We have determined the ultrastructural localization of pepsinogen II (PG II) in aldehyde-osmium fixed, resin-embedded ultrathin sections of human gastric fundic and pyloric gland mucosa and duodenum using the protein A immunogold technique and antiserum specific for PG II. Chief cells contained homogeneous, finely granular secretory granules that were uniformly PG II-positive. In contrast, mucous neck, pyloric gland, and Brunner's gland cells contained secretory granules consisting of an eccentrically placed dense core surrounded by a clear matrix; PG II immunoreactivity was concentrated over the dense core of these biphasic granules. Pyloric gland cells also contained monophasic secretory granules having the same electron density, texture, and PG II immunoreactivity as the nucleoids of biphasic granules and clear vesicular granules that were PG II-negative. Vesicular granules also were found in Brunner's gland cells. The Golgi region of pyloric gland cells contained small PG II-positive monophasic granules adjacent to small PG II-negative vesicular granules. This observation suggests that biphasic granules may form in the Golgi region of pyloric gland cells by fusion of PG II-containing monophasic granules and PG IIunreactive vesicular granules.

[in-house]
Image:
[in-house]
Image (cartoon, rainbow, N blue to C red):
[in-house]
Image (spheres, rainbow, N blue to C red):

|Number of pages||9|
|Publication status||Published - 1987|
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